Are you looking into getting your first EV? Do you already have an EV, but aren’t sure how else to charge outside of just plugging it in at home? Well, today’s the day we answer those questions!
To start off with, there are three separate definitions for EV charging, divided into “levels” of charging.
Level 1 – Charging an EV from a 120v outlet.
This is the same outlet that you find in any household. The same type of plug we use every day for charging our phones, our laptops, and EVs! For an EV, this the slowest method of filling your battery up. Usually, 3-5 miles an hour.
Level 2 – Charging an EV from a 208v or 240v setup, or outlet.
Also found in most households, typically designed to power ovens, dryers and your EVs! Very rarely do garages or outdoor plugs come set up with 240v systems. It’s common that a new EV owner will want to upgrade their home setup to a level 2 system.
For a full battery electric vehicle, level 2 is the go-to method of charging an EV. This charges between 25-35 miles an hour so when you wake up the following morning, you will find a full “tank” of electrons!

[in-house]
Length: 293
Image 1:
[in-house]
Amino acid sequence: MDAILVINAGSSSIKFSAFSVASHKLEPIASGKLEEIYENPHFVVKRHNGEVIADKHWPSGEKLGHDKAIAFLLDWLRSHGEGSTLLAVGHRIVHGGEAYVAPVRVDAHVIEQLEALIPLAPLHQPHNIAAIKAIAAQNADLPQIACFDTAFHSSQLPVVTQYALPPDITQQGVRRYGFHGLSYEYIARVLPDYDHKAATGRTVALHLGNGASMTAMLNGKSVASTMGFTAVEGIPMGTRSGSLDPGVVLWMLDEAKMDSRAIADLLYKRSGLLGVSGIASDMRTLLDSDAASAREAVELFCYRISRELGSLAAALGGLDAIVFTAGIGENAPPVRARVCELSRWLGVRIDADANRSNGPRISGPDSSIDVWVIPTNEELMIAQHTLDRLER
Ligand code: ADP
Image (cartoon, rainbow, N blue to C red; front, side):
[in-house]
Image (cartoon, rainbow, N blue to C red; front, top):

Level 2 stations are also commonly found at workplaces and restaurants or parking lots, where you can park your EV, and go explore a new area of town while you charge (or simply refuel while you head into the office).
Level 3 – Also known as DCFC (Direct Current Fast Charging) or Supercharging (Tesla’s method of level 3 charging).
This is the fastest form of charging an EV and charges at a rate of 50 miles an hour to several hundred depending on the DCFC station. These are our future “filling” stations, where you’ll pull off the highway, and stop for between 10 minutes or up to an hour to fill your battery up.
After learning about the different levels of charging, you may next wonder, “Okay, so where do I charge my vehicle?” Well, if you’re a homeowner and can park your EV near an outlet, then it becomes as simple as “Do I charge at level 1 from that plug, or do I upgrade my wiring for level 2”. Usually, local utilities have incentives to help with those upgrades, AND for charging during its off-peak hours. Be sure to check out our vehicle and charging incentives pages to learn more about that!
Contact us if you’re interested in learning more!
If you don’t have the ability to charge at home (like me) you can either check to see if you can charge at your workplace or see if there is public charging available near you.
There are also several helpful apps to help you locate a charging station near you (for the day-to-day routine), and/or a DCFC charging station (for those longer road trips). One app I recommend is PlugShare, which easily combines with your GPS apps.
So, long story short, most drivers have the ability to charge at their existing homes, and more and more charging stations are being built throughout the country. It’s getting easier and easier to charge an EV!
Still have questions? Visit our Contact Us page to send us a message!